Firstly, all of the first year students in my school went on a trip to England! We stayed in Cambridge and saw all the beautiful architecture, and one of the days we went sightseeing in London. Since my line or track at school is natural sciences (aka i have biology, psychics, and lots of math) we also visited a botanical garden and a science center. It was a great way to get to know my classmates better, and I really felt apart of the school!

    Secondly, I returned back up to my host grandparents winter house in Fjätervålen during autumn break. The week was filled with walks through snowy forests, lots of hot cocoa, and tons of board games played with my host brother, Vide, and my host grandparents. It was so cozy and fun! I also ate moose meat and it was really good!

    This past month has really made me think of a certain quote by the one and only Winnie the Pooh; "How lucky I am to have something that makes saying goodbye so hard." I miss my family back home like crazy, and sometimes all I wish is that I could be running into their arms at the Jacksonville airport, however I know that this year is not forever. I mean, I’m already 3 months in! That sounds crazy to me!

    To those currently in the application process, I wish you luck at interviews! You’re applying to an amazing program that truly transforms you as a person. I already feel so much stronger as a person, and I’m not even half-way through!

    Thanks for reading!

    Caroline Bernet

    Click HERE to read more about Caroline and all her blogs

  • Caroline, Outbound to Sweden

    Hej från Sverige!!

    From stopping to eat blueberries as I climbed up mountains with my host family, to having to stop in the road to let reindeer pass, my time here so far has felt surreal!

    I arrived in Sweden August 1st and I have enjoyed my first month here so much! I live in Stockholm, but the second day I was here in Sweden, my host family brought me to their grandparents winter house. It’s about 6 hours from Stockholm and their house is located right next to a mountain for skiing. (Fjätervålen) We walked through forests, bathed (a lot), climbed mountains, picked blueberries then made blueberry pie, went fishing, and saw lots of reindeer! Everything was so beautiful and there was a stillness and quietness in the air that was so beautiful.

    I really like my host family!! They are so fun, kind and welcoming and I am so happy I am with them! I have a 12 year old brother (Vide), 13 year old brother (Kasper), 15 year old sister (Lova) and then my host parents (Nicklas & Kristina). Lova just left for France, and although i’m so excited for her to start her exchange, i’m sad our month together is up!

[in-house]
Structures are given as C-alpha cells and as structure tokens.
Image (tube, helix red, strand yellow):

Another fun thing I did was go crayfishing with my host family. Although I didn’t participate in putting the dead fish in the traps, I did get to go out on the little boat and pull up the crayfish we caught from the water! We then had a party, which consisted of quiche, lots of bread and cheese, crayfish, and ice cream cake.

    As for school, I started August 20th and I’m in the natural sciences track. This means i have biology and lots of math, in addition to Swedish, religion, Spanish, P.E., and English. My class at school really feels like a community. I’m in the first year so everybody is new to the school and everyone seems to look out for each other. I have people to sit lunch with everyday and hang out with during breaks between classes. And we all bonded over feeling super sore after our first gym class haha.

    So how is school in Sweden different?

    -Schools have different programs. (At my school they have the economics track and natural sciences track.)

    -I have the same people in all of my classes which I love! It makes it easy to really bond and get to know people

    -Teachers commonly let students out of class 10/15 minutes earlier if they’re done with lessons.

    -I start/end at different times every day. (On Thursday I start at 10:10 and on Friday I get out at 2!!)

    -Everybody gets a laptop

    -Lunch is free, and they always have knäckebröd (hard bread) with butter set out, as well as vegetarian/vegan options.

    What else is different about Sweden?

    -Everybody is out walking, biking, bathing and enjoying the nice weather! This goes along with an important right in Sweden, Allemansrätten一or "everyman's right.” Under this, Swedes are granted the right to roam wherever they please in the countryside, forests, etc., as long as they respect the land.

    -Little kids have a lot of freedom/independence and you even see young kids finding their way to school by themselves via public transportation.

    -There’s bread/cheese/butter with almost every meal. (And I’m in love…)

    -People don’t drink as much water or just beverages in general. Maybe i’m just so used to having to stay hydrated in Florida, but it’s definitely weird using tiny cups, and not having free refills.

    -Fika really is a prominent thing in Sweden! Basically fika is where you take a break, drink coffee and eat sweets, and maybe catch up with friends. I’m always happy for a fika break!

    And Homesickness?

    Of course I have moments where i really miss my family, friends and cats, but I also know this year will not last forever and I need to appreciate and enjoy it as much as I can! It’s hard to have to say goodbye to all that you know, but the thing is you have so many hellos and new experiences waiting for you ahead. Yes there are days I wish I could be eating Chick-fil-a with my friends or making countless target runs with my mom, but i know those moments will be waiting for me when I return home. It’s also important to find a balance of communication back home. I don’t think you have to cut off communication completely, but also don’t go overboard every day.

    “We are torn between nostalgia for the familiar and an urge for the foreign and strange. As often as not, we are homesick most for the places we have never known.”

    Lastly I wanted to say thanks, tack så mycket, to Rotary for making my exchange possible! Thanks to Mrs. Paula/Jeff for all your passion, dedication and kindness you pour into this program. And of course thanks to all the support and love from my family and friends!

    Vänliga hälsningar,

    Caroline Bernet

    Click HERE to read more about Caroline and all her blogs